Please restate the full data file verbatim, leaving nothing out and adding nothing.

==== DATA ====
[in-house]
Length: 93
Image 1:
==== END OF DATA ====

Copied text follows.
[in-house]
Length: 93
Image 1: